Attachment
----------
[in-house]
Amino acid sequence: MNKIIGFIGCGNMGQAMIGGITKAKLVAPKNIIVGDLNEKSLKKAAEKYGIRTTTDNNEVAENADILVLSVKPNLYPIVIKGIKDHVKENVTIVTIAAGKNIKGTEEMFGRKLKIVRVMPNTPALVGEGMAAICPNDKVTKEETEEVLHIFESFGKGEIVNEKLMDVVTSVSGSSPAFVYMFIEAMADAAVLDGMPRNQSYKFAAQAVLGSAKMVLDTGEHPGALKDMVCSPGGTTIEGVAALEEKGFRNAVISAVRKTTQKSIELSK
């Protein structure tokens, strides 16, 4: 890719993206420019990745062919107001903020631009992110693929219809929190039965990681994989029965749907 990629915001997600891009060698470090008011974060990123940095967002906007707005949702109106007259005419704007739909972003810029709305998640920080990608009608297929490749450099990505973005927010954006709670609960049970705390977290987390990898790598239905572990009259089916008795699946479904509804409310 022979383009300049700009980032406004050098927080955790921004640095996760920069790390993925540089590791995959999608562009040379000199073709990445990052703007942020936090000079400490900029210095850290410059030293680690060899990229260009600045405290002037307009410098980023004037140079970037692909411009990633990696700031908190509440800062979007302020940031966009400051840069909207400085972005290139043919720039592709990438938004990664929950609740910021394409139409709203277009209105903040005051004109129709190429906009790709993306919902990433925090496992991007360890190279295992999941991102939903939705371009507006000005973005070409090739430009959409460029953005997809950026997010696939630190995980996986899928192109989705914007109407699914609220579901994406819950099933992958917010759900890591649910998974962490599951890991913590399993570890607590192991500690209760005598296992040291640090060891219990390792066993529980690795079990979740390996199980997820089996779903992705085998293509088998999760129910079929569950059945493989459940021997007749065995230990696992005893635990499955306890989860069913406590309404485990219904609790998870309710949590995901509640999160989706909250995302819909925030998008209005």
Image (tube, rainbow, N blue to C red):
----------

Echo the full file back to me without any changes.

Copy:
[in-house]
Amino acid sequence: MNKIIGFIGCGNMGQAMIGGITKAKLVAPKNIIVGDLNEKSLKKAAEKYGIRTTTDNNEVAENADILVLSVKPNLYPIVIKGIKDHVKENVTIVTIAAGKNIKGTEEMFGRKLKIVRVMPNTPALVGEGMAAICPNDKVTKEETEEVLHIFESFGKGEIVNEKLMDVVTSVSGSSPAFVYMFIEAMADAAVLDGMPRNQSYKFAAQAVLGSAKMVLDTGEHPGALKDMVCSPGGTTIEGVAALEEKGFRNAVISAVRKTTQKSIELSK
């Protein structure tokens, strides 16, 4: 890719993206420019990745062919107001903020631009992110693929219809929190039965990681994989029965749907 990629915001997600891009060698470090008011974060990123940095967002906007707005949702109106007259005419704007739909972003810029709305998640920080990608009608297929490749450099990505973005927010954006709670609960049970705390977290987390990898790598239905572990009259089916008795699946479904509804409310 022979383009300049700009980032406004050098927080955790921004640095996760920069790390993925540089590791995959999608562009040379000199073709990445990052703007942020936090000079400490900029210095850290410059030293680690060899990229260009600045405290002037307009410098980023004037140079970037692909411009990633990696700031908190509440800062979007302020940031966009400051840069909207400085972005290139043919720039592709990438938004990664929950609740910021394409139409709203277009209105903040005051004109129709190429906009790709993306919902990433925090496992991007360890190279295992999941991102939903939705371009507006000005973005070409090739430009959409460029953005997809950026997010696939630190995980996986899928192109989705914007109407699914609220579901994406819950099933992958917010759900890591649910998974962490599951890991913590399993570890607590192991500690209760005598296992040291640090060891219990390792066993529980690795079990979740390996199980997820089996779903992705085998293509088998999760129910079929569950059945493989459940021997007749065995230990696992005893635990499955306890989860069913406590309404485990219904609790998870309710949590995901509640999160989706909250995302819909925030998008209005």
Image (tube, rainbow, N blue to C red):